6. Something good should be on it's way to my house. I don't want to say anything more for fear of jinxing it. Let's just say I'm adding a new system to my list to collect for (currenty 2600, 7800, and original Odyssey (I guess)) and finding cartridges won't be easy.

7. A co-worker knew I collected old video games, but asked if I also collected memorabilia. Of course I answered yes, so the next day he brought me a Robot Tank poster in mint condition! His parents had brought it down with a bunch of his stuff from their house. It's been a while since I've seen the RT box, but I'm almost positive this art isn't the same. Does anybody know the scoop on how one originally got these? Send UPC's or what?

[The first set of 2600 items came from a yard sale.

The boxed original Odyssey games came from a Magnavox dealer that was going out of business. Oddly enough, it was where my regular comic book store, The Deep, is now located at N. Memorial Parkway and Mock Road. These were sets of games still in the shipping boxes. After buying one, the manager (owner?) told me there were more in the trash. They took me around to a room outside, in the back. There were many more of these shipping boxes of original Odyssey games! I left behind many that were water damaged, a decision I now regret some. I wound up trading away all the extra boxes for a lengthy list of items from Jerry Greiner, a major collector who had made a business out of classic video games. They were available from his site, www.atari2600.com, for a long time, but now I no longer see them there.

The story of my Pong coin-op can be found in an 18 June 1996 entry. The Zaxxon I saw at the Downtown Rescue Mission Thrift Store, back when it was still on 9th Ave. SW, just around the bend from Seminole Drive. I'll say more about #6 below. The Robot Tank poster came from the same co-worker who I later bought his complete 5200 collection. — 2 July 2010]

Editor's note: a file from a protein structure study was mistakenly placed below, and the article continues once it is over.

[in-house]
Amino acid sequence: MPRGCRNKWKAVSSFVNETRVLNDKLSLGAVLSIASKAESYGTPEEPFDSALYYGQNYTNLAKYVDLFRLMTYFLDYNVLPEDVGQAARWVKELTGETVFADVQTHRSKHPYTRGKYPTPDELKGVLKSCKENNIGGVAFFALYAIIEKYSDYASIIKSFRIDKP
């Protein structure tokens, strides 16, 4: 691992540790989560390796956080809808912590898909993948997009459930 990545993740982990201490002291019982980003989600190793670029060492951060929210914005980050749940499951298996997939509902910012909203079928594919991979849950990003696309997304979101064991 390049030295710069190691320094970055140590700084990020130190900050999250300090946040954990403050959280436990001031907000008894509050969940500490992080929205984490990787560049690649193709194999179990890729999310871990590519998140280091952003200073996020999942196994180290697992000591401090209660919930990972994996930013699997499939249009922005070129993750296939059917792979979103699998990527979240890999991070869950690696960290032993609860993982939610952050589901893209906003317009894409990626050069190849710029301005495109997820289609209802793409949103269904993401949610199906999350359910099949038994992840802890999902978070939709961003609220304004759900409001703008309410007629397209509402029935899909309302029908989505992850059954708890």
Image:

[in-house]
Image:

Date: 9 July 1996

In article <4rf1r0$o6h@taco.cc.ncsu.edu>, John Vivian Matthews wrote:
>But isn't there a multicart for the Vec...oops.
>ps And I'm only guessing...

Well, it was a good guess. My Vectrex finally arrived yesterday (Monday) evening. One controller, no overlays, no manuals, Minestorm ('natch), Armor Attack cartridge, and Berzerk on a PROM board with no case. A multicart and converted Sega controller are definitely on my "wish list" now. AFAIK, I'm the first rgvc'er in Alabama to get one. I know one guy has some cartridges, so we'll have to get together some time and test them. (Hi, Ralph.) This is a neat system and it's not going anywhere for a long, long time, emulator or not.